The goal of our research is to further understand the relationship between the brine shrimp, Artemia franciscana, and the cestode tapeworms that infect them. The cestode cysts are ingested by brine shrimp, which serve as the intermediate host until the infected brine shrimp are consumed by their final host, Great Salt Lake water birds. The current method for determining the number of infected brine shrimp in different areas of the lake is limited to dissecting individual shrimp and searching for minute cysts under a microscope. Our goals are to develop a new, DNA-based method for quantifying the number of infected brine shrimp that is both more accurate and faster. and to provide an initial molecular phylogeny of the cestodes that infect the brine shrimp of Great Salt Lake.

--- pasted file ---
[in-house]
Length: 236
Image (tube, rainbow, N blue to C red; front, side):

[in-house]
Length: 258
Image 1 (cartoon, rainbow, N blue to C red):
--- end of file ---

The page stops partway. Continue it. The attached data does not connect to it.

We collected brine shrimp from three locations around the lake (Antelope Island, Black Rock State Park/State Marina, and the Spiral Jetty) over the span of several years. We then used PCR and gel electrophoresis to amplify and analyze a region of the cestode rRNA genes from DNA samples purified from individual brine shrimp as a marker for cestode infection. Our preliminary results indicate that the PCR method is working and accurately distinguishing between cestode-infected and uninfected brine shrimp. We have also detected differences in infection rates in different locations in Great Salt Lake. Also, our preliminary phylogenetic analysis of rRNA gene sequences places the Great Salt Lake brine shrimp infecting cestodes in the family of Hymenolepididae.